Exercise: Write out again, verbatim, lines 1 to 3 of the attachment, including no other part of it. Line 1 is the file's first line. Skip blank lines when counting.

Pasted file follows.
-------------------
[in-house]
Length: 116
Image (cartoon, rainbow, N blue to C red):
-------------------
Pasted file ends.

[in-house]
Length: 116
Image (cartoon, rainbow, N blue to C red):